A geophysical engineer by trade, who develops technology to find unexploded shells, Rob Siegel is also a car guy, who has written a monthly “Hack Mechanic” column for Roundel, the magazine of the BMW Car Club of America, for the past 27 years. In his first book, Memoirs of a Hack Mechanic, Siegel writes about his life interspersed with “useful stuff”—like what to do if your car won’t start or how to make your car more dependable. Since its June publication by Bentley Publishing, the book has been moving up the Amazon ranks and doing well at selected bookstores.
“As a rule, we don’t publicize our print runs,” says Maurice Iglesias, sales and marketing manager at Bentley Publishing. “But suffice [it] to say, the book has vastly exceeded our expectations, especially considering that this is the first genuinely ‘funny’ book we’ve ever published.” Although Iglesias said that it’s too early to tell if it’s poised to become Bentley’s bestselling book, he calls it “our most high-profile title” of the year.
In part that’s because Bentley, which is known in automotive circles for its high-end reference manuals, has been garnering reviews for Memoirs of a Hack Mechanic in mainstream media like The New York Times and the Boston Globe. The book launched at Newtonville Books in Newtonville, Mass., near Siegel’s home. And Bentley has tagged onto Siegel’s car appearances at events like the Pittsburgh Vintage Grand Prix with book signings at nearby bookstores, in this case the Barnes & Noble in Homestead, Pa. In mid-August, he’ll be at the BMW Oktoberfest in Monterey, Calif., and will sign at Capitola Book Cafe in Capitola. Siegel has also helped with promotion in other ways, like linking his Web site on which he promotes both car stuff and his music—he’s also an accomplished folk musician—to Bentley’s where readers can visit an online appendix to the book and find out about upcoming events.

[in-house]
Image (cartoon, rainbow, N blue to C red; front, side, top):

Although Siegel’s voice is distinctly his own, Memoirs of a Hack Mechanic fits into the literary tradition pioneered by John Muir in his 1969 classic, How to Keep Your Volkswagen Alive, followed five years later by Robert Pirsig’s Zen and the Art of Motorcycle Maintenance. More recently philosopher/mechanic Matthew B. Crawford added to the conversation with Shop Craft As Soulcraft. Some might argue that Siegel’s emphasis on family, cars, and the humor present in both is reminiscent of “Car Talk,” a radio program on WGBH-FM that began airing at about the same time he launched his column.
Despite the attention the book’s been getting, Siegel told PW that he might never have made the transition from columnist to author without the intervention of New York literary agent Liv Blumer, who approached him about writing a book about what makes a car guy tick. “It can’t be just a loosely connected series of your articles. It has to have a plot,” she told him. Although Siegel says that he “sulked” when she dropped the project after nine months, he adds, “in the end the manuscript was so much better for her pushing me to write more guy, less car.” Blumer also suggested that Siegel find a “boy,” or male editor. Instead, when he brought the project to Bentley where he had had a book contract for a repair manual 20 years earlier—a book he never delivered—Janet Barnes took over. With her help, Siegel found a way to add back more of the car element and weave the book’s two strands together, car and guy.
For now, Siegel is enjoying simply being the car guy he writes about in his book. “I’m a believer in the benefit of unintended consequences,” says Siegel. “The response to the book has been wonderful. I receive e-mails on a daily basis.” Plus he’s accumulating material for either more Roundel columns or possibly another book.